My parents shared their journey of getting to the mission field recently. If you’ve missed their tale it begins at Missionary Travel Stories. Today Mom is continuing the story of their Life in Costa Rica.
We arrived in San Jose, Costa Rica from Managua, Nicaragua, in the early evening. We had already rented a house in Tres Rios, a few minutes’ drive from San Jose, where Hal would be attending the Spanish Language Institute.
We barely had time to do some of the things necessary for moving into a new house and to unpack a few belongings because we were only there five days before Sara was born. We were in the hospital only five hours before she made her appearance, in spite of the fact that she was born breach—bottom first. The custom there at that time was to stay in the hospital five days after giving birth. I certainly didn’t need to be there that long, but after the trip and all the events leading up to that point, I was very glad for the rest and for the nurses’ help with the new baby.
The nurses were very kind and gave me all kinds of instructions about baby care. That would have been fine except that some of the “wisdom” of those days wasn’t especially wise. The belief was that EVERYTHING that ever went into the baby’s mouth should be STERILIZED. I got zero encouragement to breast feed. It was considered old fashioned and only for very poor people or country women who didn’t know better. It seems that a whole generation believed that cow milk was better than the milk the Lord provided especially for the baby! I suppose, for one thing, it was because cows’ milk could be sterilized. They sent me home with cans of formula.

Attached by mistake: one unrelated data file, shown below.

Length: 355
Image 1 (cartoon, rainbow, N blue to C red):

Since I insisted on breast feeding, I was to sterilize with alcohol every time the baby nursed. She cried to nurse every two or three hours day and night. Since I was so miserable, she probably never got enough to be completely satisfied before she fell asleep. This misery was brought to an abrupt halt when Sara was only three weeks old because Hal got sick and had to be hospitalized.
I needed to be with my husband in the hospital. Imagine not understanding anything anybody says, and therefore not knowing what they are doing to you or why. Fortunately the doctor, who was the same one who delivered Sara, did speak English. A missionary nurse volunteered to take care of Sara. I felt torn, but I decided Sara was still too young to miss her mother as much as I missed her, and Hal needed me. I accepted the pills the doctor wanted to give me to dry up my milk, and went to stay with Hal. After a lot of tests, the doctor decided to remove his appendix.